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Help! I'm Taking Organic Chemistry!
Protonating m-Nitroaniline in an Acid/Base Extraction 
8th-Oct-2006 08:20 pm
Quote/TW/Brain Pretty, Scarecrow
An answer to a question posted by aciel.

The question was whether the nitro group, the amine group, or both would be protonated when you add sulfuric acid.

As you can see from the picture below, m-nitroaniline has two resonance contributors.

The electrons on the nitro group are shared between the two oxygens, making it kind of difficult for the proton to find the electrons. Also, the nitrogen maintains its plus charge, which is balanced by the negative charge on one of the oxygens. If you were to protonate one of the oxygens, the nitrogen would have a plus charge that is not offset by the oxygens.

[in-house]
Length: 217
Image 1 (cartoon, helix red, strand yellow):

The amine has an unshared pair of electrons that are concentrated on the nitrogen. Because the electrons are not delocalized, it is much easier for nitrogen to share its electrons than for the nitro group to share its electrons.

Sulfuric acid is one of our strong acids, so the first proton falls off pretty easily. It's much harder to pull off that second proton, and a nitro group that has resonance is certainly not strong enough to do it.

The salt, then, would be NH3+ and HSO4-, which is soluble in your aqueous layer. You actually won't have a precipitate until you add a base to remove the proton from the salt and neutralize the solution. m-Nitroaniline is not soluble in water, so once you take the proton off and return it to its original state, it would precipitate out of solution.

I hope that helps!
Comments 
9th-Oct-2006 05:18 am (UTC)
Yes! Thank you. Especially helpful was the bit about the resonance.
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